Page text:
[Group 2, Participant #2]

For this participant, the uncertainty about missing the appointment or having a failed connection caused her to be more distracted during the visit, with less time to prepare questions that she aimed to ask during the visit.

Participants identified concerns about privacy and the level of privacy that could be acquired during the visit. One level of concern pertained to safety and security associated with using a mobile or other personal device for health care, particularly applicable in the context of discussing topics relevant to reproductive history. One participant spoke of her reluctance to use internet-enabled devices for private discussions as follows:

I feel like personally we all, everybody, knows that the government kind of watches us and tracks us through our phones and everything.
[Group 1, Participant #30]

Issues of privacy also pertained to a participant’s ability to access a location for the telehealth visit when it took place outside of a consultation or exam room in the clinic, especially for those participants who worked outside of the home during the pandemic.

I don’t have a private office. So, sometimes even calling to make a doctor’s appointment is like a little… you know… I go out to my car or I try to get into a conference room to make that call just because that’s a personal thing. You don’t want your coworkers hearing, especially if you’re calling to make your eight week appointment saying, ‘Hey, I just took a pregnancy test. When can I come in?’ So yeah, if I wasn’t working from home, I would definitely want to go into the doctor’s office in-person.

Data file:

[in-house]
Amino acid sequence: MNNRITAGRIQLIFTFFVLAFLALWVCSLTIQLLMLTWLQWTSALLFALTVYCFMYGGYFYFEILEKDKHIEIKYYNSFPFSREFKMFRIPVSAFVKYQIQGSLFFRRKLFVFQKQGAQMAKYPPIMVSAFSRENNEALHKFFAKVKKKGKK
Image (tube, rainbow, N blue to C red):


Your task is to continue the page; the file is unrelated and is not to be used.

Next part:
[Group 2, Participant #3]

While some participants could find a private space at work or in their car, others struggled with whether and where they would have the resources for the kinds of discussions they needed with their health care provider. Privacy was also an issue for those participants who remained at home during the pandemic, several of whom raised concerns about access to a private space in the home for conversations about potentially highly sensitive and personal topics related to the pregnancy and their reproductive health. Some participants commented as follows:

I can see where someone would feel uncomfortable depending on where their setting is.
[Group 2, Participant #27]
I don’t have other kids in the house. I don’t have other family. It’s just my husband and I in our home. So, I have privacy in our home to carry on those conversations. I don’t feel like I need to be in a doctor’s office to have a safe conversation with somebody or private conversation with someone. So, I can see how for other people that that might not be their situation. They may not have as much privacy at home.
[Group 2, Participant #4]

Principal Findings